Hotels + Resorts
Leave it to those wacky publicists to figure out new and unique ways of getting their clients a plug. So hats off to the one who came up with the "quirkiest" travel jobs. We've listed a few of them below. And, as you might have guessed, we've also added a few of our own that we'd like to see.
Sir Richard Branson just wants a damn cup of tea. Is that so hard to find?
When the 64-year-old tycoon is on the road, the answer, apparently, is yes. “Most hotels don’t serve a decent cup of tea at any hour, let alone after breakfast,” he says. How apt, then, that Branson’s new hotel serves breakfast—and properly made tea—23 hours a day.
The 250-room Virgin Hotels Chicago, which opened Thursday, occupies the Old Dearborn Bank Building, a 1928 Deco tower in the Loop. It’s the first property from the new Virgin Hotels brand—or, rather, the opening salvo. Hotels are a natural next move for the conglomerate three decades after its first foray into travel. It’s easy to forget what an outlier Virgin Atlantic was in 1984: a cheeky interloper in a room full of staid grown-ups. As Branson puts it, Virgin’s knack is for “entering stale markets where customers are being ripped off.” (Of note: the company just announced plans to launch a cruise line, too.)
Following on the heels of the world’s swankiest Ferris wheel and a series of other extravagant Las Vegas debuts is Omnia Nightclub, Hakkasan Group’s glitzy new party center at Ceasars Palace.
This spring, a cushy rooftop lounge, color-shifting light shows and interactive LED displays will summon ravers everywhere to the multimillion dollar renovation of the outdated PURE Nightclub.
From Cape Town to the bush, villas and private estates are the latest way to splurge in South Africa.
Luxurious new rental properties are making it easier than ever to create an extended-family dream trip in South Africa. The Oppenheimer clan turned one of its getaways into Tarkuni ($$$$$), in the Tswalu Kalahari Reserve, the largest private game reserve in the country. The five-suite property has a dedicated chef and a Land Rover for tracking black rhinos and Kalahari lions.
Mediterranean Surf package includes:
• Four nights in a Deluxe room.
• Daily surf lessons at nearby Banana Beach.
• 30 minute massages after each surf lesson.
Cost: $1,600 ($400 per night), double, February 1–March 30.
Most of the large booking sites don’t vet all their inventory, so it’s up to you to approach each listing with a critical eye. Below, T+L’s tips for searching intelligently.
Cast a wide net
Start with an aggregator like Tripping.com, which searches more than 2 million listings on partner sites that include FlipKey, HomeAway, and 9Flats. Once you find a rental, see if it’s run by an owner or a management company. The latter can usually respond more quickly and reliably than an owner, who may not have a handyman on call. Note that some properties appear on multiple sites— and rates can vary greatly between them. For example, we found listings for the same house in Palm Springs, California, that ranged from $2,088 (VRBO) to $3,470 (Airbnb) for a week in June.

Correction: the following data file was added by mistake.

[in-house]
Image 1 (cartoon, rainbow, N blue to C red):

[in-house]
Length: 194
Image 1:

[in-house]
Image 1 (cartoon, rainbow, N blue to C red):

The Chateau. The Pink Palace. The Riot Hyatt. L.A.’s big and buzzy glamour-puss hotels have served as sceney backdrops for the indiscretions of nearly a century’s worth of A-listers. But now that paparazzi lenses and cell-phone cameras rule the roost, privacy has become the real luxury. “No one likes coming down to breakfast only to have to take a selfie with a clueless fan,” hotelier Jeff Klein says. Klein should know: his Sunset Tower Hotel in West Hollywood is a beloved hangout for regulars like Jennifer Aniston and Tom Ford. But his newest project, a renovation of the historic San Vicente Bungalows, is a decidedly under-the-radar affair, with just 29 rooms, no bar, and a small, shaded pool area. And it points to a growing trend in Los Angeles of discreet, personalized bolt-holes, often in historic buildings, where celebs and civilians alike can cocoon in privacy. “Any city is isolating—L.A. even more so because of the car factor,” Klein says. “Now people are craving these intimate hotels.” Here are four new favorites.
Navigating this teeming megacity can be a dizzying affair. T+L tapped three locals to show us around town.
The Impresario: Sanya Souvanna
Phouma Managing partner at Maggie Choo’s nightclub
Moved to Bangkok in 1997
Last great meal: Some buddies and I recently went on a dining tour: five restaurants, lots of drinking, and everything from French small plates at Maison Blanche to jamón ibérico at Vesper.
After dark: I often head to Jazz Happens, on the hipster strip Phra Athit, where everyone dances around the band. At Maggie Choo’s (320 Silom Rd., Bang Rak), we started doing a highbrow gay cabaret night on Sundays, something Bangkok hasn’t seen before.
Boutique hotel picks: Cabochon has Shanghainese sofas and an old-Orient feel. And I love the saltwater lap pool at Ad Lib.
Four small hotels that let you live large.
Montpelier Plantation & Beach, Nevis
This elegant Relais & Châteaux hideaway in the mountains, which also has a seaside club, has been drawing the in-crowd for years. And it’s more stylish than ever now that the 19 rooms have been redone with natural Caribbean accents (local-bamboo headboards, coral lamps). $$
Q: I found a great place through a vacation-rental website. What could go wrong?
The apartment was a dream: the entire light-filled top floor, a one bedroom with an eat-in kitchen and a living room, in a restored Victorian row house in San Francisco’s Pacific Heights for less than $200 a night. My friend and her husband were ecstatic and everything went smoothly… until they emerged from their bathroom on the first night, teeth brushed and ready for bed, to find the owner mysteriously puttering around their living room. “Just checking in,” she told them.